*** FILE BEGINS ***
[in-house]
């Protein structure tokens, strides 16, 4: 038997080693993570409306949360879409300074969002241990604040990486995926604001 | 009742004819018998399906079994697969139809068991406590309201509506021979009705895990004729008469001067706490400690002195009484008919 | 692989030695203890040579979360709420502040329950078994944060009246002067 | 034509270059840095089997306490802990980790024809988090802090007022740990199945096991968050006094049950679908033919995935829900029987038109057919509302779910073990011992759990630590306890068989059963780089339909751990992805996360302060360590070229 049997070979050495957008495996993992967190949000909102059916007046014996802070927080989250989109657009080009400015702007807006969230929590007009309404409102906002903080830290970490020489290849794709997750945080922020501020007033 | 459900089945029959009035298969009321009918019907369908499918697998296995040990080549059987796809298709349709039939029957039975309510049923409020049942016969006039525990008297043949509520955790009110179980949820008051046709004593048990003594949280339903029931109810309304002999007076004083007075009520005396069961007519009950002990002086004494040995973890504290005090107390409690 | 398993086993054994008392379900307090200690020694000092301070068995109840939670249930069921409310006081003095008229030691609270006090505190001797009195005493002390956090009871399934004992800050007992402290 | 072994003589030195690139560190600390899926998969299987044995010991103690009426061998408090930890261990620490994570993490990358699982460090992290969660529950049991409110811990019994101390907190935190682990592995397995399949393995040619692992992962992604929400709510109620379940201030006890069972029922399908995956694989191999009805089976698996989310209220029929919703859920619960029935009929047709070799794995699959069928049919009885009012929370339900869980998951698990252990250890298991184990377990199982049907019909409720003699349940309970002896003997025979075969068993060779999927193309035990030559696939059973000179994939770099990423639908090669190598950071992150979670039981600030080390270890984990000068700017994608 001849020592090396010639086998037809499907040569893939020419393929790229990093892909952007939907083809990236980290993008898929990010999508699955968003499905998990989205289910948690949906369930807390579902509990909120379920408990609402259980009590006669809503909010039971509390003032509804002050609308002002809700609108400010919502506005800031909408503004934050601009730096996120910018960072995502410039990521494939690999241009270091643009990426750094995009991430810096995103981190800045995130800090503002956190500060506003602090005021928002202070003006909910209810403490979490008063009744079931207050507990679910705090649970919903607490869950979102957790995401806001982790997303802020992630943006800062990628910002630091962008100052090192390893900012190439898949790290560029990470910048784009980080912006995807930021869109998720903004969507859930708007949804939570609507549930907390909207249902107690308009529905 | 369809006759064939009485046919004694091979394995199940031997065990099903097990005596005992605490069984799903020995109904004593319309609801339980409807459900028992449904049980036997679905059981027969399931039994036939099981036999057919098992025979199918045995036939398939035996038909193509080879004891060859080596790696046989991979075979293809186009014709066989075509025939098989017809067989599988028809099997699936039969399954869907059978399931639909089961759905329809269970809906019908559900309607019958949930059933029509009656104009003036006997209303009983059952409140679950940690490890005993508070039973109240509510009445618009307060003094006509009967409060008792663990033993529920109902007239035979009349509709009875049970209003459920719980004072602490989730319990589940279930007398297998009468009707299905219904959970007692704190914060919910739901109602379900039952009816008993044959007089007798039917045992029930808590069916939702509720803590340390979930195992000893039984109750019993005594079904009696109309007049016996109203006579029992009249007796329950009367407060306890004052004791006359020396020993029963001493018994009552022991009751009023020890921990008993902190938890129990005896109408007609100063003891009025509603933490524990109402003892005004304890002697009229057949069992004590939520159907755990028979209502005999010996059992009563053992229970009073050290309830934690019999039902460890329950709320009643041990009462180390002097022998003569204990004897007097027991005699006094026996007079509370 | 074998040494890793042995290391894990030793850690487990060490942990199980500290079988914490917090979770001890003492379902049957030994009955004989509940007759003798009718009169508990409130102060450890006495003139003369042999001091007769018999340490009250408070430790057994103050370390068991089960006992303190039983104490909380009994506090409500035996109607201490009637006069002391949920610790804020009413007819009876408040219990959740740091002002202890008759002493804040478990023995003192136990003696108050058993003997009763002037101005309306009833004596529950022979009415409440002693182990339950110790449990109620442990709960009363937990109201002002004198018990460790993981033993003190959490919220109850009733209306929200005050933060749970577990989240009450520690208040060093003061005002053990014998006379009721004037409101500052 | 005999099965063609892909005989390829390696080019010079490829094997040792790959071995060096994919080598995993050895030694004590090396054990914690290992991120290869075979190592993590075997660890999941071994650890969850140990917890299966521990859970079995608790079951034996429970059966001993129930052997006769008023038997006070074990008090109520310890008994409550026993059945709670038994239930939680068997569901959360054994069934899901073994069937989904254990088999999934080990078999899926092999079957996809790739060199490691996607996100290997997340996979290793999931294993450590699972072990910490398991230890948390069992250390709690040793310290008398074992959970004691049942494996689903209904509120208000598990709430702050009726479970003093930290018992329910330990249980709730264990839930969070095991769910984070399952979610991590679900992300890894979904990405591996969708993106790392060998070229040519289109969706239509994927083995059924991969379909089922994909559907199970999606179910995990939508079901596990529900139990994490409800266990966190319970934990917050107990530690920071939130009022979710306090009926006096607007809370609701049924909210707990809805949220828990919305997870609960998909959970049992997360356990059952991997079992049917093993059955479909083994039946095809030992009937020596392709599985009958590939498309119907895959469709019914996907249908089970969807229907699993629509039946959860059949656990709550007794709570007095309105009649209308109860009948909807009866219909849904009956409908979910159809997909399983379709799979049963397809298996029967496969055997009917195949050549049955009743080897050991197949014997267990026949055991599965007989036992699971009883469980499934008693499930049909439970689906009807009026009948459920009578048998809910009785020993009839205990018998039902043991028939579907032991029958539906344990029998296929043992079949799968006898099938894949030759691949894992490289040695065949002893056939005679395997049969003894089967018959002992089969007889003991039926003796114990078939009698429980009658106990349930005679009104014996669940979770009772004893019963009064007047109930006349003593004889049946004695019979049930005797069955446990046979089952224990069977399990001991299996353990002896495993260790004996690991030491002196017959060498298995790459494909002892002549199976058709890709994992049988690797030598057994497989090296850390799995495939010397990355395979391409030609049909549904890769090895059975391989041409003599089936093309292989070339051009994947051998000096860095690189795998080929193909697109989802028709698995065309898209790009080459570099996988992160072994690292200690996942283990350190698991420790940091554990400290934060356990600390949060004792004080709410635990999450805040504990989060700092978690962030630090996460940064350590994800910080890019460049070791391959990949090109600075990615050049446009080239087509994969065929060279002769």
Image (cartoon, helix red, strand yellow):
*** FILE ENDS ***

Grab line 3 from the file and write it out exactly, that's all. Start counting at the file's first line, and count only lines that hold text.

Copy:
Image (cartoon, helix red, strand yellow):